Behavior Interactive's Deathgarden is an asymmetrical multiplayer game much like their breakout success Dead by Daylight, wherein four runners try and complete a set objective while avoiding the armored immortal Hunter. At first glance, there are plenty of similarities between Dead by Daylight and Deathgarden, including the fact that the hunter sacrifices runners to nature. However, talking with design director Matt Jackson at PAX East, he assured me the similarities are just coincidental.
So while Deathgarden is an asymmetrical multiplayer game with an immortal antagonist, the runners can fight back against the Hunter. They can't damage him, but can stun him to let another runner escape, which gives them quite a decent ability to fight back against the Hunter. Instead of just running and hiding like DbD.
In addition, Deathgarden is "more team focused; Runners have objectives they need to complete that require they work together," Jackson said. And for the perpetual solo players, the Deathgarden team has gone out of their way to try to make solo players work for the team, even while going off alone. "So if you'll see, the Runners have the ability to shoot things from a distance, and when they do, that marks the object for the whole team." So if a solo player was planning to snag a recovery item for themselves, too bad, because it makes the item visible for the whole team and helps share it out.
While the PAX demo for the game and its announcement trailer take place in a spooky wood with a capture-the-flag mode, and a Hunter who looks quire a bit like Destiny's Lord Shaxx on steroids, Jackson was quick to point out that the game will launch with more modes, stages, and Hunters. But for PAX, they went with what would be simplest and recognizable from the trailer.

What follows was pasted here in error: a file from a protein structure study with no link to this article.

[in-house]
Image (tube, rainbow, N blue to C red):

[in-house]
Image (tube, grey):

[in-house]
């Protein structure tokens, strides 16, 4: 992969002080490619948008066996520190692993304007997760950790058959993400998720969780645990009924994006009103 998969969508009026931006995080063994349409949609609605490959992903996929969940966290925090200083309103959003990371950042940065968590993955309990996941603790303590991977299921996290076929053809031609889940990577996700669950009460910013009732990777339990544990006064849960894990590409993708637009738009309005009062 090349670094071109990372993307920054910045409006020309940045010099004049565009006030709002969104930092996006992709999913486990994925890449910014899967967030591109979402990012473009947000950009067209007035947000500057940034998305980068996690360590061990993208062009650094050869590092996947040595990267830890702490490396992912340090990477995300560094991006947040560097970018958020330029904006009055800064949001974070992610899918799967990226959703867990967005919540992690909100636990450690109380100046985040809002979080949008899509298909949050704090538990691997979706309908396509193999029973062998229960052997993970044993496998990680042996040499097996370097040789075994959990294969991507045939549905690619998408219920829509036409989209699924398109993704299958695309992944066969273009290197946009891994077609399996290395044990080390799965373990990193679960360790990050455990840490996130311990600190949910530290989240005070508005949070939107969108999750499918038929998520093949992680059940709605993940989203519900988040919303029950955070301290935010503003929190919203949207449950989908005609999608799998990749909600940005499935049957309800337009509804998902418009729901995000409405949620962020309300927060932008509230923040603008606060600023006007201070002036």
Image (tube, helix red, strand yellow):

I wrapped up our chat by asking about the name. Deathgarden is a game within a game, so each of the Runners knows they're playing a video game. How that will work out in-game is still being worked out, but "they will know they're in a game and that will work its way in somewhere," Jackson said. That made me ask if Deathgarden is the name of the game within the game. "I wouldn't say it's the name, but it would be something players refer to it by. If you and I were players and met up to plan a game, we might say something like 'so I'll meet you in the Garden later?' That's how they'd refer to it: the Garden."
So all told, we're pretty excited to play the game once it launches. Sign-ups for the PC closed Alpha test are underway. The game will probably hit consoles, but the initial launch will be PC only.